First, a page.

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By Payel Sengupta
  • Published 8.03.14

It was a celebration of the grandeur of Indian classical music where a blending of North Indian and South Indian styles represented the tradition and reformation of this particular musical genre. The stage of Gyana Prabaha Festival organized by Sangeet Ashram was painted in different shades and colours through the amalgamation of gharanas and generations. Three generations met and created harmony with Raga Yaman in violin when N. Rajam, her daughter, Sangeeta Shankar, and grand daughters, Ragini and Nandini Shankar, performed together. Among the three customary parts, alaap, jor and jhala in Yaman, the first part was beautifully played by the artists. Jor and jhala were also interesting, though they could have been shortened. It seemed that the stage coordination among the artists increased the length of gat rendition and too many hands made its charm monotonous at one point. A change of raga was necessary and N. Rajam was back in her usual melodious style, presenting the favourite Raga Nilambari of her guruji, Pandit Omkarnath Thakur. She ended with a famous bhajan, “Payoji maine, Ram ratan dhan payo”. The tabla accompaniment by Samar Saha was perfect.

The first choice of the generation-next vocalist, Jayateerth Mevundi, was Puriya Kalyan. This accomplished representative of the Kirana Gharana started manifesting his own style through the vilambit kheyal after an aaochar. Although initially he was a bit slow, he overcame the sluggishness with his powerful voice and the quality of his voice modulation. The vistaars and taans of vilambit ektaal gradually created the mood but his drut kheyal captured the essence of the raga. Durga is a raga of limited movements and Jayateerth did not make it boring with unnecessary or repetitive vistaars. Rather, the choice of short and critical taans made his performance arresting. He sang bhajans at the end that included the famous one, Baje muraliya baje” to the accompaniment of Abhijeet Banerjee on tabla and Jyoti Goho on harmonium.

The presentation of Maru Behag by another vocalist, Mitali Banerjee Bhawmik, who is influenced by the Patiala Gharana, enchanted the audience. Her vistaars and taans in both vilambit and drut kheyal were enjoyable. She presented Raga Maand and dadra. She was accompanied by Samir Chatterjee on tabla and Rupashree Bhattacharya on harmonium. But the rendition by the sincere follower of the Imdadkhani Gharana and Gayaki Ang, sitarist Ustad Shahid Parvez (picture, left), threw a new light on Raga Jhinjhonti. It would not be an exaggeration if he is called unparalleled in his own arena in recent times. His exceptional skill of doing various vistaars within the same notes as well as the application of mirs mesmerized his listeners. His alaap was able to draw out the distinct features of the raga. His gat was brilliantly improvised. It is difficult to play the ragas of same thaats one after another. But Shahid’s expertise made Raga Gavati as lively as Jhinjhoti. The short but sweet rendition of Mishra Pilu continued the Shahid magic. In tabla accompaniment, Subhajyoti Guha’s performance is mentionable.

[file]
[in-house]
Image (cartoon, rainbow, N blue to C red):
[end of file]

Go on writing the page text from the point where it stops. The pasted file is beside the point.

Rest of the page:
The torch-bearer of the Senia Maihar style, Pandit Tejendra Narayan Majumdar, made a wonderful opening with Raga Mian ki Sarang. The alaap, jor and jhala helped in the full bloom of this rarely played raga. His various vistaars in three octaves with beautiful mirs touched the listeners. The vilambit gat of Raga Gaud Sarang was perfectly timed. The vistaars, taans and paltas with intricate movement were praiseworthy. But the length of the gatkaari in drut somehow lessened the beauty of the raga. The skillful assistance by the young student, Prateek Shrivastav, added a new dimension. As always, Pandit Subhankar Banerjee deserves a special mention for his attractive lahara.

It can be said that the three-day music festival would have been remained incomplete without the performance of Ustad Ghulam Hussain Khan, the sincere disciple of the doyen of the Agra Gharana, Ustad Khadim Hussain Khan, and nephew of Ustad Latafat Hussain Khan. His half-an-hour long rendition of nom-tom alaap in Raga Ramkeli was intense and it brought out the soul of the raga. His voice was clear and generous in the upper octave, controlled and melodious in the middle and lower octaves — which made his vilambit kheyal in ektaal excellent. The drut teentaal kheyal, “Un sang lagi ankhiya”, was mesmerizing.

The beauty of the presentation continued, even increased, with the rendition of Gujjari todi. The main attractions were the vilambit kheyal composition of Latafat Hussain Khan, “Guru ke charan bina” and the drut kheyal, Baje ghungaroa”, composed by Faiyaz Khan. He concluded with a dadra. Biplab Bhattacharya on tabla and Debaprasad De on harmonium accompanied him perfectly.